| Nashville Tennessean
Once again the controversial measure to make the Bible the official book of Tennessee is before the state legislature.
Rep. Jerry Sexton, R-Bean Station, recently introduced a house joint resolution, HJR 150, to add the Christian tome to the list of symbols and honors already in the Tennessee Blue Book. It is among a slate of religion-related legislation up for consideration this session.
It marks the third time such an attempt has been made, including the 2015 bill that resulted in one of former Republican Gov. Bill Haslam’s few career vetoes. Sexton, who declined to comment, has sponsored each effort.
The previous attempts raised constitutional concerns about the state endorsing a religion. A national atheist organization objected as did Christians, like Haslam, who worried lumping the Bible in with the state bird, flower and rifle trivialized the sacred text.
Similar to the explanation Sexton gave during a 2020 Bible bill debate, the new resolution emphasizes the role family Bibles have played in genealogy as well as the financial impact of Tennessee’s Bible publishing industry.
The resolution also points out the religious connections of other items listed in the Tennessee Blue Book, which includes information about state government and history and is published by the Secretary of State’s office. They include the Christian symbolism associated with the passion flower, one of the state’s wildflowers, and the references to God in two of the state songs.
Bible bill veto: 5 bills Gov. Bill Haslam has vetoed
Separation of church and state, but not religion and politics
So far this session, lawmakers have introduced other pieces of legislation that explicitly address religion. Some advocate for more religious protections amid the ongoing coronavirus pandemic while others wade into the latest hot button societal issues.
This is not new. State lawmakers regularly mix religion with policymaking. Sometimes it’s controversial.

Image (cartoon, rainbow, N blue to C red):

As examples, lawmakers have introduced measures advocating for more religious protections. Nationwide, the religious freedom debate often pits the rights of LGBTQ people against religious protections for conservative Christians. There has also been Islam-related legislation that advocacy organizations considered to be derogatory and some bills have been copycat legislation written by special interest groups and introduced across the country.
“We have the separation of church and state — or at least we’re supposed to have the separation of church and state — but what that does not mean is the separation of faith and politics,” said the Rev. Clay Stauffer, a Nashville minister who teaches about the relationship between religion and partisan politics at Vanderbilt University.
“What you have are a number of legislators who are bringing their faith into into the Senate and the House and are trying to push bills that will make their constituents happy.”
While Tennessee has religious diversity and an increasing number of people who are not affiliated with any faith tradition, the majority of the red state’s residents identify as Christian and so do its lawmakers in the Republican-controlled state legislature.
People are concerned religious protections are being eroded, especially free speech issues, Stauffer said. But making the Bible the official state book could raise questions about whose freedoms are being protected and whose are not, he said. Stauffer, who agreed with Haslam’s take on the Bible bill he vetoed, wonders how giving the sacred text this special designation would make Tennesseans of other faiths feel.